Thomas Gage, in his "New Survey of the West Indies," first published in 1648, gives the following interesting account of the Spanish and Indian way of making and drinking chocolate some two hundred and fifty years ago: "Now, for the making or compounding of this drink, I shall set down here the method. The cacao and the other ingredients must be beaten in a mortar of stone, or (as the Indians use) ground upon a broad stone, which they call Metate, and is only made for that use. But first the ingredients are all to be dried, except the Achiotte (annotto), with care that they be beaten to powder, keeping them still in stirring that they be not burnt, or become black; for if they be overdried they will be bitter and lose their virtue. The cinnamon and the long red pepper are to be first beaten with the anniseed, and then the cacao, which must be beaten by little and little till it be all powdered, and in the beating it must be turned round that it may mix the better. Every one of these ingredients must be beaten by itself, and then all be put into the vessel where the cacao is, which you must stir together with a spoon, and then take out that paste, and put it into the mortar, under which there must be a little fire, after the confection is made; but if more fire be put under than will only warm it, then the unctuous part will dry away. The Achiotte also must be put in in the beating, that it may the better take the colour. All the ingredients must be searced, save only the cacao, and if from the cacao the dry shell be taken, it will be the better. When it is well beaten and incorporated (which will be known by the shortnesse of it) then with a spoon (so in the Indias is used) is taken up some of the paste, which will be almost liquid, and made into tablets, or else without a spoon put into boxes, and when it is cold it will be hard.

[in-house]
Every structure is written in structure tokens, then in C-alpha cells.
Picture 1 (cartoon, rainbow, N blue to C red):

"Those that make it into tablets put a spoonful of the paste upon a piece of paper (the Indians put it upon the leaf of a plaintain tree), where, being put into the shade (for in the sun it melts and dissolves), it grows hard; and then bowing the paper or leaf, the tablet fals off by reason of the fatnesse of the paste. But if it be put into anything of earth or wood, it stickes fast, and will not come off but with scraping or breaking. The manner of drinking it is divers; the one (being the way most used in Mexico) is to take it hot with Atolle, dissolving a tablet in hot water, and stirring and beating it in the cup, when it is to be drunk, with a Moli-net, and when it is well stirred to a scum me or froth, then to fill the cup with hot Atolle, and so drink it sup by sup. Another way is that the chocolate, being dissolved with cold water and stirred with the Molinet, and the scumme being taken off and put into another vessel, the remainder be set upon the fire, with as much sugar as will sweeten it, and when it is warme, then to powre it upon the scumme which was taken off before, and so to drink it. But the most ordinary way is to warme the water very hot, and then to powre out half the cup full that you mean to drink; and to put into it a tablet or two, or as much as will thicken reasonably the water, and then grinde it well with the Molinet, and when it is well ground and risen to a scumme, to fill the cup with hot water, and so drink it by sups (having sweetened it with sugar), and to eat it with a little conserve or maple bred, steeped into the chocolatte.